Could you double your money by buying European shares?
Investors in European shares could double their money if Mario Draghi's plan to get Europe back on its feet works - as long as they choose the right shares and are prepared to wait a few years. Some shrewd investors in US shares are now in this position - about six years after a similar move was taken by the US central bank, the Fed.
Ten days ago the European Central Bank president pressed the button to start printing money. The move was taken to stimulate economic recovery, boost consumer spending and raise inflation in Europe.
In November 2008, the Dow Jones Industrial Average, which includes some of the biggest stocks on the New York Stock Exchange, stood at 9,320. In late November 2008, the US central bank, the Fed, started the first of three rounds of money printing. Today, the Dow stands at 17,678. Of course, this can't all be put down to the Fed's decision to print money and many believe these programmes didn't work as expected.
However, stock markets often do well out of quantitative easing - the term used to describe a central bank's decision to print money. Indeed, the shares of many large European exporters and multinationals soared after Draghi announced his stimulus package late last month - largely because QE sent the euro into free fall, which ultimately put those firms in a stronger position.
So have I already missed the boat?
No. "European shares are still trading at a big discount to the US when you look at long-term earnings," says Ian Quigley, director of investment strategy at Investec Wealth & Investment Ireland.
"If earnings improve in Europe, investors could do quite well from European equities."
Which European shares should I buy?
Spanish shares could be worth having under your belt if QE works, according to David Coombes, head of multi-asset investments with the British fund manager, Rathbones.
"The Spanish market will outperform others if QE is successful," says Mr Coombes. "So if you believe QE will work, buy a Spanish exchange-traded fund (ETF - essentially a basket of shares). Stocks like Telefonica could do well too." One Spanish ETF that could be worth considering is the iShares MSCI Spain Capped ETF.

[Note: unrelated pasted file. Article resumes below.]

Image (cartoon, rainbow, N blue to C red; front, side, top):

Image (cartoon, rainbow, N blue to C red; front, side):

German exporters too will benefit from QE if it works - because the euro is likely to continue to fall. "So the shares of large German exporters, such as Siemens, BMW or Adidas, could do well," says Mr Coombes.
A weak euro isn't the only reason some big European companies could do well out of QE. Unilever and Pernod Ricard are among those well-positioned to benefit from an economic recovery in Europe - and their shares could be worth buying as a result.
The insurer Allianz, pharmaceutical giant Bayer and the chemical company BASF are among the shares being tipped by Davy.
Should the shares of large European companies be already out of your price range, consider investing in smaller domestic-oriented companies.
"If all this ECB policy action gets a bit of reflation, financial and construction companies should benefit," says Mr Quigley. "Banks may also do well if things improve - but banks are more complex. Any investments with good sustainable sources of income in Europe will benefit from the ECB move - so equities or property should be reasonable places to be."
Choose your shares wisely, however. "QE seems to be clearly positive for the shares of European banks, autos, industrials and construction companies, all of whom would benefit from a strengthening euroland economy and/or weakening euro," says Pramit Ghose, global strategist with Davy Asset Management. "On the other hand, sectors that could lose out are the more defensive or less cyclical sectors such as utilities, consumer staples (such as food and beverages) and pharmaceuticals."
What about equity funds?
A European equity fund which isn't exposed to any further weakening of the euro would be worth buying into, according to Jason Hollands of the British investment broker, Bestinvest.
"We know from the experience of such massive stimulus programmes elsewhere that QE puts downward pressure on the currency," says Mr Hollands. "There's a strong case therefore for investing in European equity funds that hedge the currency exposure so that you benefit from rising share prices which aren't exposed to any further slide in the euro. Very few funds offer this feature - one we like is the Artemis European Opportunities I Hedge fund, which converts currency exposure into British pounds."
Those who expect QE to work and who are prepared to take on the currency risk could consider a fund which invests in small European companies, says Mr Hollands.
"Smaller EU firms provide greater exposure to the domestic Eurozone economy, which should also benefit from lower energy prices, as western Europe is a major net importer of oil and gas," says Mr Hollands. "Here we like the Baring European Select fund."
What shares should I invest in if I don't believe Draghi's plan will work?
Many investors in European shares will get burned if QE doesn't work. German shares however are still worth investing in if QE fails - but not those of German exporters, according to Mr Coombes.
"If QE does not work, domestic-facing German stocks which are less reliant on a cyclical recovery should do well," says Mr Coombes. "That would include German telecommunications companies, domestic retailers and so on. British and Swiss stocks could also do well. However, French, Spanish and Italian shares would do poorly. "
Mr Coombes, who does not expect QE to work in Europe, has more confidence in US shares.
"To get recovery in Europe, we need to see lower taxes and bigger public spending cuts across the whole of Europe instead," he says. "QE in Europe is about four years late. Given how low interest rates already were and are, I'm not convinced that QE will find its way into people's wallets."
Sunday Indo Business